ErrorProcessor error_processor;
}

Pointer Variables

place the * close to the variable name not pointer type.

Example

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char *name= NULL;
char *name, address; 

Global Variables

Justification

Example

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Logger  g_log;
Logger* g_plog;

Global Constants

Global constants should be all caps with ‘_’ separators.

Justification

It’s tradition for global constants to named this way. You must be careful to not conflict with other global #define s and enum labels.

Example

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const int A_GLOBAL_CONSTANT= 5;

#define and Macro Names

Put #define s and macros in all upper using ‘_’ separators. Macros are capitalized, parenthesized, and should avoid side-effects. Spacing before and after the macro name may be any whitespace, though use of TABs should be consistent through a file. If they are an inline expansion of a function, the function is defined all in lowercase, the macro has the same name all in uppercase. If the macro is an expression, wrap the expression in parenthesis. If the macro is more than a single statement, use do {...} while (0), so that a trailing semicolon works. Right-justify the backslashes; it makes it easier to read.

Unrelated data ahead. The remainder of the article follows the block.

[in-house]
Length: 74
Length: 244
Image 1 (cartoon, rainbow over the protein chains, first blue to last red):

Justification

This makes it very clear that the value is not alterable and in the case of macros, makes it clear that you are using a construct that requires care.

Some subtle errors can occur when macro names and enum labels use the same name.

Example

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#define MAX(a,b) blah
#define IS_ERR(err) blah
#define	MACRO(v, w, x, y)			\
do {							         		\
  v = (x) + (y);							\
  w = (y) + 2;						  	\
} while (0)

Enum Names

Labels All Upper Case with ‘_’ Word Separators

This is the standard rule for enum labels. No comma on the last element.

Example

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enum PinStateType {
  PIN_OFF,
  PIN_ON
};

Make a Label for an Error State

It’s often useful to be able to say an enum is not in any of its valid states. Make a label for an uninitialized or error state. Make it the first label if possible.

Example